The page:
Regular chili pepper consumption associated with lower risk of total and CVD death

Chili Pepper Consumption and Mortality in Italian Adults

Literature - Bonaccio M, Di Castelnuovo A, Costanzo S et al., - J Am Coll Cardiol 2019, DOI: 10.1016/j.jacc.2019.09.068

Introduction and methods

Chili peppers, which belong to the genus Capsicum, are frequently used in traditional dishes from southern Italian regions. Chili peppers contain capsaicin, which has been observed to improve CV function and metabolic regulation [1]. Capsaicin also has anti-inflammatory and analgesic properties and atheroprotective effects [2]. Studies in humans showed that chili pepper consumption facilitates weight loss and is associated with lower incidence of overweight and obesity [3,4]. Dietary capsaicin also prevents microbial dysbiosis, gut barrier dysfunction and chronic low-grade inflammation in animal studies [5]. Two population studies from China [6] and the United States [7] showed an association between regular chili pepper intake and lower mortality risk. However, no epidemiological investigation on the association between chili pepper intake and CVD or total mortality was so far available from a European cohort.

This observational study aimed to prospectively estimate the association between chili pepper intake with total and cause-specific mortality in a large Mediterranean population. In addition, established biomarkers of CV risk were studied to examine a possible biological mechanism through which chili pepper consumption may provide health benefits, and whether inclusion of chili pepper would improve risk prediction associated with a traditional Mediterranean Diet Score (MDS). The study used data from 22,811 individuals from the Moli-sani Study, which enrolled men and women (≥35 years of age) randomly recruited from the general population of Molise, a southern region in Italy [8]. The median follow-up was 8.2 years. Food intake during the year before enrollment was assessed by the EPIC (European Prospective Investigation Into Cancer) Food Frequency Questionnaire validated and adapted to the Italian population [9]. Chili pepper intake was categorized as none/rare consumption, up to 2 times/week, >2 to 4 times/week, and >4 times/week. Established biomarkers of CVD risk that were measured to assess a possible underlying biological mechanism, included serum lipids (total cholesterol, HDL-c, triglycerides), blood glucose, CRP, NT-proBNP, hsTnI, ApoA, ApoB100, Lp(a), cystatin C, creatinine, insulin, C-peptide and serum vitamin D. Adherence to the traditional Mediterranean diet was assessed through the MDS [10].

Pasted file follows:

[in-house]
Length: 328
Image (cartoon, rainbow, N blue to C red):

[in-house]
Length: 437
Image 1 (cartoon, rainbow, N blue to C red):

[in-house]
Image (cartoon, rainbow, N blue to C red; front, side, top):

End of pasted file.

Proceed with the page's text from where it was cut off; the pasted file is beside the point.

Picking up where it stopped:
Main results

  • Regular consumption (>4 times/week) of chili peppers was associated with lower risk of all-cause mortality in comparison to non/rare intake in a fully adjusted model (HR: 0.77, 95% CI: 0.66 to 0.90).
  • Risk of CVD mortality was reduced in regular consumers, in comparison to individuals reporting none/rare chili pepper intake (HR: 0.66, 95% CI: 0.50 to 0.86).
  • Regular intake was associated with lower risk of ischemic heart disease (HR: 0.56, 95% CI: 0.35 to 0.87) and cerebrovascular death (HR: 0.39, 95% CI: 0.20 to 0.75).
  • No clear stepwise dose-response relation was observed for any of the mortality outcomes, suggesting that the survival improvement is likely attributable to either consuming chilies rather than not consuming them.
  • The association of chili pepper intake with mortality risk was independent of the adherence to a Mediterranean diet.
  • Among studied biomarkers of CVD, only serum vitamin D marginally accounted for associations between chili pepper intake and mortality (explaining 6.1% of the association).


This observational study in a large cohort of Italian adults showed that regular consumption of chili peppers is associated with lower risk of total and CVD mortality. Large risk reductions were observed for ischemic heart disease and cerebrovascular death in those consuming chili peppers on a regular basis. The association of chili pepper consumption with lower mortality risk was independent of the adherence to a Mediterranean diet and most CVD biomarkers could not explain this association. Further studies are therefore needed to understand possible biological mechanisms that may be responsible for the observed effect of chili peppers on CV risk and mortality.


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9. Pisani P, Faggiano F, Krogh V, et al. Relative validity and reproducibility of a food frequency dietary questionnaire for use in the Italian EPIC centres. Int J Epidemiol 1997;26 Suppl 1:S152–60.

10. Trichopoulou A, Costacou T, Bamia C, Trichopoulos D. Adherence to a Mediterranean diet and survival in a Greek population. N Engl J Med 2003: 348:2599–608.

Find this article online at J Am Coll Cardiol.

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